You are viewing stuff tagged with english.
You are viewing stuff tagged with english.
Well if this isn’t just the most perfect paragraph:
I reserve the right to make up a word if I can’t fromate one that suits the immediate need of a sentence. This is where heroes step in and fix the inadequacies of the English Language.
If you ask Ess to say “snake” she’ll say “tank”. She usually drops the sibilant “S” sound at the beginning of words; if we really try to get her to say it, she’ll go with the “sh” phoneme.
If you ask her to say “Sammy the Snake” you get “Hammy the Tank”.
Ess likes to watch a movie called Curious George Swings into Spring, but she asks for it by saying something like “watch… maow… ping… and balloons UP and UP” or some other kind of variation on her summary of the plot. To translate: her stuffed monkey’s name is Marge, nicknamed Mow, so monkeys get called Mows; there are hot air balloons in the movie in many shapes, and sometimes we have only the barest hint of a guess which movie she’s referring to. There’s also ‘Crinkas Pooh’ (Christmas Pooh), ‘Pump pump Mow’ (Curious George: A Halloween Boo Fest), and ‘Ringinal Pooh’ (The Many Adventures of Winnie the Pooh, which we sometimes call Original Pooh).
Ess-to-English translator, October, 2016 edition:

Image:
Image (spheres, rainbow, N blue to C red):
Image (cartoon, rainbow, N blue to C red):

pump-pump — pumpkin
keem — diaper cream
carefiff — carrot
hot-dong — carefiff dogs made by Mykala by marinating carrots, served on a bun; (they are DELICIOUS)
Ess just called cotton “unk-unk”.
“Dada, hi!” and then a pause. “Dada… hi.” Essie had just turned to see what I was doing at the edge of the bedroom, and while she has been uttering expressive morphemes in response to me and my actions for a while, her greeting marked one of her first definite sentences at me. The thrill! Burbles and gurgles of infancy have so quickly become expressions of thought and opinion and frustration and love.
If Essie doesn’t know or can’t say the word for something, it is always always ‘dahVEE’. “Can you say ‘refrigerator’?” we ask. Then, with utter confidence comes the response: dahVEE. “What’s that?” we query, pointing to something new. It’s a dahVEE. Obviously.